Many of you have observed that some things don't work with neutral cultures.  Some fields require culture specific data to behave correctly. 

For example, in en-US, you might expect M/d/yyyy for a date pattern, however en-GB has dd/MM/yyyy and en-ZA has yyyy/MM/dd for their short date pattern.  So if all you have is an http-request for "en", you don't have enough information to format a date.

For that reason many of the CultureInfo properties will fail for neutral cultures.  CultureInfo.DateTimeFormat is one of those as demostrated by the previous example.

So what do you do if you really need to format a date, and all they gave you was a neutral culture, like en?  For that we have CreateSpecificCulture, so instead of calling CultureInfo.GetCultureInfo("en"), you'd call CultureInfo.CreateSpecificCulture("en").  For "en" this will return an "en-US" CultureInfo.  Note that CultureInfo.CreateSpecificCulture("en-US") also works, so if you are uncertain whether an input is neutral or not you can just use CreateSpecificCulture and avoid the extra tests.  This could be a problem if your client is en-GB or en-CA or en-AU.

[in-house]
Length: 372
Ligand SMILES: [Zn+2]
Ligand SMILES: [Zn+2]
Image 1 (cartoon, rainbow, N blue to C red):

CreateSpecificCulture does have a few caveats.

The first is that it will return an ARBITRARY culture that has the requested language.  For en it will return en-US even if your user's in Australia or the Canada.  For fr it will return fr-FR even if you're user's in Canada.  That's great if your "en" http request is coming from the US, not so great if its coming from somewhere else.

Since "en" by itself doesn't provide enough information (like a country), there's not much we can do to avoid that problem, so apps need to be aware of that problem.  You might choose to display long dates instead of short dates do avoid confusion between MM/dd or dd/MM for example.

In some cases the specific culture may seem offensive to users or be geopolitically incorrect, so use them with care.  For example, some users might feel offended if the MM and dd are "backwards" to their expectation. 

The second issue is that Chinese (zh) will throw an exception instead of returning a specific culture because its not possible to pick a geopolitically correct culture for Chinese.  You may want to test for this case explicitly.

Lastly, as with other culture properties, different machines could have different custom cultures installed, which could have different values for the specific culture, so it'd be best if applications didn't rely on a particular specific culture relationship, particularly when custom cultures could be installed on the machine.

So that's CreateSpecificCulture().  Use it when you need to, but try to use it sparingly and carefully so that your users don't get confused about date formats or some such.